8th CWCA/ACCR Conference
Social Justice and Writing Centres
May 17 – 21, 2021
“[A] culture of access is a culture of participation and redesign”
–Elizabeth Brewer, Cynthia L. Selfe, and M. Remi Yergeau
For our 2021 conference, the Canadian Writing Centres Association / association canadienne des centres de rédaction welcomes proposals on any writing centre-related subject, but particularly proposals that consider and/or critique frameworks of inclusion, access, and accessibility. These themes may be related to anti-racist work and Indigenization at writing centres, to our recent experiences arising from the COVID-19 pandemic, as well as to writing and writing centre theory, pedagogy, praxis, programming, administration, research, physical and online environments, advocacy, or activism.
Writing centres have committed to making their spaces and services accessible, inclusive, and democratic, not least to students and tutors from marginalized backgrounds (Geller et al., 2007; Greenfield & Rowan, 2011; Hitt, 2012; Lang, 2017; Martini & Webster, 2017). Even as COVID-19 has inflected, sharpened, and foregrounded systemic inequities, the Black Lives Matter movement, Indigenous movements for social justice such as 1492 Land Back Lane and Idle No More, and the Disability Rights Movement have called upon us, with greater urgency than ever before, to expand the definition and the scope of access, and revitalize writing centres as social justice projects.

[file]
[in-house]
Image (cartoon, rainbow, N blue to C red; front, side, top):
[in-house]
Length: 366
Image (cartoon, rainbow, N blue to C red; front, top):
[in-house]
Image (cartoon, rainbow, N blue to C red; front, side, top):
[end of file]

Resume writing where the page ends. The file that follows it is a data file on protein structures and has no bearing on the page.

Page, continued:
In considering Brewer, Selfe, and Yergeau (2014)—“there is a profound difference between consumptive access and transformative access… [between] allowing people to enter a space [and]… re-think[ing] the very construct of allowing”—we ask,
- How does exclusion and injustice affect all those who occupy our physical, virtual, and scholarly spaces?,
- How we can address the impacts of racism, sexism, ableism, homophobia, xenophobia, and transphobia to most effectively counter systemic injustices?,
- How can writing centres play a greater proactive role in ensuring access to learning that goes beyond mere consumption of existing programs for all students but especially for students from disadvantaged backgrounds?, and
- How can we transform access to our spaces into access to power to transform our spaces and the world beyond?
Call for Proposals
Questions for your consideration include—but are not limited to—the following:
- In what ways has the COVID-19 pandemic foregrounded changes to make writing centres more inclusive?
- What gaps in the literature limit access to writing centres?
- How might a framework for transformative inclusion counteract normative or individualist/competitive values that are a part of current culture?
- What concrete strategies can address stigma and increase full participation from marginalized community members?
- In what ways can writing centre theory and pedagogy renew itself in response to the idea that writing and tutoring
- are embodied acts?, and
- may inhabit identities that are both visible and invisible at the same time?
- How can accessibility, inclusion, and universal design considerations be incorporated into every aspect of writing centre practice, from the arrangement or lighting of physical space to the design of websites, handouts, or multimodal tools, from the hiring and preparation of tutors to the conscious articulation of theory and pedagogy?